Women’s Collective Giving Represents National Movement
By Marty Wiggins
EDITOR’S NOTE: “Give Well” is a weekly column written by Dawn Franks of Your Philanthropy, Kyle Penney of the East Texas Communities Foundation and representatives of The Women’s Fund of Smith County.
Did you know?
- Roughly one million women in the U.S. have personal assets of at least $2 million.
- More than 10 million firms in the United States are majority or equally owned by women.
- According to the Small Business Administration, women employ approximately 27 million Americans.
- 90% of women will determine all family finances at some point in their lives.
Statistics such as these leave little doubt that women in America are acquiring more money and influence than ever before, a trend that is bolstered by the fact that women tend to live longer than men. Through both earned and inherited wealth (from spouses, parents and others), women now control nearly 60 percent of the wealth in the United States.
American women – beginning with the colonial settlers – have helped shape the charitable giving attitude that sets our country apart from all others. As philanthropist and social reformer Dorothea Dix noted in the 1800s, “In world where there is so much to be done, I felt strongly impressed that there must be something for me to do.”
The factors that motivate women to provide charitable gifts include the desire for social change, a commitment to a personal cause, opportunities to volunteer and the preference to leverage their personal funds through collaboration.
Women have their own grant-making culture
According to national studies, as more women give, they are likely to change both what causes are funded and how the money is raised – especially because female philanthropists often prefer to raise money in a group. It’s estimated that there are now more than 165 women’s fund organizations in 27 countries on six continents.
These include the Women Donors Network, the Global Fund for Women, Women Moving Millions, the Red Cross Tiffany Circle and many more. Another of these leaders in “collective giving” is the Women’s Collective Giving and Grantmaking Network (WCGN), established in 2009. The Women’s Fund of Smith County is a part of this dynamic organization that represents 38 collective giving and grantmaking groups in 19 states. Together, these WCGN member organizations – representing 7,500 women – have given more than $59 million in grants to nonprofits throughout the country.
“Without you there would be no collective giving. You started the movement. WCGN was built to help,” noted Laura Midgley, Chair of the Board of Directors at the 2014 WCGN Forum. “Our mission is to support the creation, development and expansion of women’s collective giving nationwide as a partner in this exciting new form of philanthropy.”
WCGN is committed to strengthening existing collective giving organizations and inspiring the creation of new ones. This includes promoting national awareness about the meaningful impact of collective, community-based philanthropy, both for women in giving circles and for their communities. In addition, the organization builds leadership in philanthropy through educational forums and resources that spotlight best practices and emerging trends.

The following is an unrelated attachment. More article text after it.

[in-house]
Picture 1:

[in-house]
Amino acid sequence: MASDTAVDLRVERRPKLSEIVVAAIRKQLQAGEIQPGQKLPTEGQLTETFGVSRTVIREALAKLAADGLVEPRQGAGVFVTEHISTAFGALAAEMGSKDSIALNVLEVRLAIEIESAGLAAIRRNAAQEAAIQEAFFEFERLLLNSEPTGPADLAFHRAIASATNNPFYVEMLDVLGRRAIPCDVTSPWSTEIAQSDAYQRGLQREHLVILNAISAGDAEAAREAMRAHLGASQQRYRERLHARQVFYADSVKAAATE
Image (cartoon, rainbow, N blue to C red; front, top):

Collective giving in Smith County
WCGN has been an inspiration for The Women’s Fund of Smith County and its own mission: to leverage the philanthropic capacity of women as a catalyst for positive change. The organization was created in 2008, first in conjunction with the East Texas Communities Foundation and now with Fourth Partner.
More than 240 women in Tyler/Smith County are annually pledging their financial resources to support philanthropic education, as well as grants that benefit women and children. In 2015 The Women’s Fund will surpass the $750,000 milestone in grants made to specific programs, based on an extensive application process open to local not-for-profit organizations.
As a giving circle, each member of The Women’s Fund of Smith County receives a voice through her annual vote in the grantmaking process. To date, grants have been made to projects ranging from child abuse prevention to life skills training for foster boys to expansion of computer education for women.
The result of high-impact grants made through collective giving by The Women’s Fund of Smith County is stronger women, stronger families and stronger communities. As women across the country and the world are proving, the ripple effect is profound.
One thing every Women’s Fund member in Smith County knows: Women can change the world by pooling their intellectual and financial capital for the common good. We’re just getting started.
Marty Wiggins serves as Director of the ETMC Foundation and the 2015 Chair of The Women’s Fund of Smith County. Please join us on February 12 for our 2015 grant announcements – go to www.womensfundsc.org for event and membership information.